“Survival of the Weirdest”

Survival of the Fittest Weirdest

Several hundred kilometres off the coast of Ecuador, there rises an archipelago of islands known as the Galapagos. Initially, these islands gained fame due to Charles Darwin, who studied them during his fateful voyage upon the Beagle. Today, people journey to this World Heritage site because of the abundance and incredible diversity of its wildlife.

My reasons for travelling to the Galapagos were almost as diverse as the wildlife, but for the sake of this recollection, I would like to focus on just two of them. The first was that I wanted to walk in the footsteps of the man who penned the Theory of Evolution (with a respectful nod to Wallace). Few individuals have had such a profound influence—and created such enduring controversy—as the great biologist. Simply put, Darwin kicked butt: he threw a wrench into almost two thousand years of conventional thought, and he did it with the most understated document I’ve ever read—well, tried to read. (From the perspective of an English major, On the Origin of Species is as dry as week old Melba toast.) My second reason for travelling to the Galapagos was that I wanted to see a waved albatross.

Ironically, these two reasons would come to clash, and the bizarre behaviour of the albatross would leave me wondering if Darwin had overlooked some quirky loophole of natural selection.

In the Galapagos archipelago, the waved albatross can only be found on the island of Espanola, and, given that the albatross can remain in flight for an inconceivably long duration, the timing of one’s visit to the island is important. When I arrived, luck was with me, and a large colony of the birds was present.

I have to admit that my desire to see the albatross was more literary than it was biological. Ever since I read Coleridge’s “Rime of the Ancient Mariner,” I’ve wanted to experience this tragic bird for myself. In the poem, the ill-fated mariner kills an albatross—normally a portent of good luck. By doing so, he dooms his shipmates and is left to grapple with the resultant guilt.

Now, to a large extent, my perception of reality is determined by its depiction in poetry: first comes the poem, then comes the actual experience. (Doesn’t everyone do this?) Naturally, then, I anticipated seeing a bird equal to its reputation—a grim beast of forbidding aspect. What I actually witnessed could not have been more antithetical to my expectations.

I hate to admit this, but sometimes literary myth does not reflect biological truth. (Although I’ve listened for it, I’ve never heard a raven “quoth . . . nevermore.”) Contrary to my expectations, the albatross is beautiful—not scary at all. Adults stand over two feet tall and their heads are brushed with a delicate gold, richer than any precious metal.


As I walked amongst the colony of birds, it quickly became apparent that the processes of mating and preproduction were in full swing. (Perhaps the expression “swing” may be misleading here—albatrosses mate for life.) I saw pairs of lovers gazed google-eyed at each other, and I swear I caught a glimpse of entangled wings flash momentarily from behind a rock. (Modesty precluded closer investigation.) Scattered within the fields, lone mothers protected exposed eggs. What really surprised me, however, was their mating dance. It was one of the most peculiar things I had ever seen in the wild.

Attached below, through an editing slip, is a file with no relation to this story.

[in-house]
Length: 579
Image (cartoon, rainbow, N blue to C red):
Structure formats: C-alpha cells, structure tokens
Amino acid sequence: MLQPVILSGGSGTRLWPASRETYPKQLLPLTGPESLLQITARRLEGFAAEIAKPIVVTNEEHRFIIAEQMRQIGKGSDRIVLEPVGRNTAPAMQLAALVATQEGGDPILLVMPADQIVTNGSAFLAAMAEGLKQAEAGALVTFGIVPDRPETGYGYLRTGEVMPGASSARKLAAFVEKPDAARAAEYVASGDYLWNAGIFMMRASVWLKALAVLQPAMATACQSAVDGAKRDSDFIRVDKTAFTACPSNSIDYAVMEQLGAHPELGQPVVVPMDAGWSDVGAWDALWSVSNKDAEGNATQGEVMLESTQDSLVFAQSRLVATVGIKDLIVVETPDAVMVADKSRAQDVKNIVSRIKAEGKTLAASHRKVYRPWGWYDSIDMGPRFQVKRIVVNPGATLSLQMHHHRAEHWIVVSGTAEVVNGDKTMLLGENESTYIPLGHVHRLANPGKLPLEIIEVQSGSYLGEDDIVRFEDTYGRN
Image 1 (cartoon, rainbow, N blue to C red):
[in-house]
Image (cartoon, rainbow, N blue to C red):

Darwin’s idea regarding the process of evolution was that natural selection determined which species (or individuals within a given species) would survive and flourish. Those with traits that were the best “fit” to a certain environment would be those most likely to survive within that environment—hence the expression: survival of the fittest. But what natural process could possibly have led to the mating dance of the albatross? Survival of the fittest? More like survival of the weirdest. How could Darwin have missed this?

En route to the Galapagos, I anticipated that I would experience a variety of emotions. After all, the process of life and death is daily played out upon those islands. I saw new born chicks hugging tightly to their mothers, and immediately after would stumble upon the fresh corpse of a young sea lion. Joy, sadness, wonder, awe. It’s all there.

What I didn’t expect was comic relief. I didn’t expect to laugh out loud. I’ve heard of sexual sparring, but the sword fight of the albatross puts even the most flirtatious co-eds to shame. I do not claim to understand what manner of evolutionary process led to the creation of such a ritual, but (with tongue firmly in cheek) I must say that Darwin got this one wrong.

(To see the video, please use the following link: Youtube.)

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